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Greetings,

I'm currently working on a project which involves a login system which is aiming to be as secure as possible for the set-up.

What I'm asking is, would it be worth it to MD5 each element in a char array (obtained from a Password field), by which you add a salt to each char element to be hashed with MD5, upon completing that, add all the hashes from each character, and then add a separate salt to that, and MD5 it again?

Is this actually secure, or just overkill?

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I think is better to use different algorithm, as long as md5 has been broken. –  Ency Jan 5 '11 at 14:09
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@Ency: while I agree that other algorithms are better it should be noted that MD5 is "broken" only for some specific cases. A known collision attack (which is known for MD5) is not really relevant for password hashing. –  Joachim Sauer Jan 5 '11 at 14:11
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Sounds suspiciously like "security through obscurity" ("if I just apply hashing in a weid way, they won't guess how to revert the hash!) –  delnan Jan 5 '11 at 14:12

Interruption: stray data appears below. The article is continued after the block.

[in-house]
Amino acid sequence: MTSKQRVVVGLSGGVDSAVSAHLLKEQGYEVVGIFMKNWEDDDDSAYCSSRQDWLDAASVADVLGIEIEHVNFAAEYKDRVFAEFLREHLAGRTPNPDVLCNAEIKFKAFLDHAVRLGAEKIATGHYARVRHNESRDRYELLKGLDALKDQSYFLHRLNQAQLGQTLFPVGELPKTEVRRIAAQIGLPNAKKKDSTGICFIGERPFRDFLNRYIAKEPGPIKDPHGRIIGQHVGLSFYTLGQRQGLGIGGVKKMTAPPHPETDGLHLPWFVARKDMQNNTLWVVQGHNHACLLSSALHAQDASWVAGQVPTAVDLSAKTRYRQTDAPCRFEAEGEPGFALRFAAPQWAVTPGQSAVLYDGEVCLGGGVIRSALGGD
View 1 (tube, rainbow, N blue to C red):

Wow! Thanks everyone for the absolutely lighting fast answers! MD5 seemed like a good idea at first, but after all these comments on it being unsecure, looks like I'll have to use a different algorithm. Thanks. –  Pat Jan 5 '11 at 14:20

9 Answers 9

up vote 16 down vote accepted

Not really secure at all, as the key space is only 255. Adding a salt to each letter would achieve nothing more than adding the same salt to the whole string, and could possibly reduce the entropy of the hash rather than increasing it.

The better solution is to use a better hash algorithm (like SHA-512) and avoid making up your own algorithms.

Edit

And today we see a wonderful example of why: iPhone hacker publishes secret Sony PlayStation 3 key

However, Sony wrote their own signing software, which used a constant number for each signature.

Edit 2

An even better algorithm would be OpenBSD's bcrypt, as it's much slower to compute than SHA, giving better protection from brute force attacks.

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+1 "avoid making up your own algorithms" is key when you're talking security/crypto stuff. –  David Gelhar Jan 5 '11 at 14:15
    
+100, if I could. –  Alex Feinman Jan 5 '11 at 14:52
    
NTLM does (or did) something similar. It allowed up to 14 character passwords, but split into two parts. Effectively it limited passwords to 7 characters (assuming an attack knowing the hashed value). –  Tom Hawtin - tackline Jan 5 '11 at 15:03
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I believe this was implied, but just to make sure: Regardless of the algorithm, you should still salt the password before hashing it. –  Andy Jan 5 '11 at 15:38

Probably better would be to use a more current hashing algorithm like SHA-1/SHA-2. There are known vulnerabilities in MD5 (and even the more modern SHA-1 has some).